The class I took was very careful to be precise about this matter. Let V,W be finite-dimensional vector spaces and f: V --> W a linear map between them. Then f is completely determined by how it transforms some basis for V. Say B = (v_1,v_2,...,v_n) is a basis for V, and C = (w_1,w_2,...,w_m) is a basis for W. Then let M be the m-by-n matrix where the i-th column is f(v_i) written with respect to the basis C in W. Then we can say that f(v) = Mv for all vectors v in V - when v is written in the basis B and f(v) is written in the basis C. In particular, we would frequently write f = _{B}[M]_{C} to emphasize that the matrix transforms from the basis B to the basis C.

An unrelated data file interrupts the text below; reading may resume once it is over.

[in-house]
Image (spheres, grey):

One other minor thing here is that R^{3} is special in that is it literally the set of ordered triples of real numbers, and so there are naturally "coordinates". But if we took, say, R[ x ]_{<3}, the vector space of real-valued polynomials in x with degree less than three, there aren't really "coordinates". (1,x,x^2) is a simple basis for the space, but the vectors themselves do not have coordinates. 4x^2 + 2x + 7 is a vector in this space, and with respect to that basis it is (7,2,4). Then if you apply a linear transformation to this vector, you can instead use a matrix with respect to this basis and apply it to (7,2,4); it doesn't make any sense to multiply a matrix by 4x^2 + 2x + 7. In fact, R[ x ]_{<3} is isomorphic to R^{3}, but here it's more clear that the vectors need to be written with respect to a basis.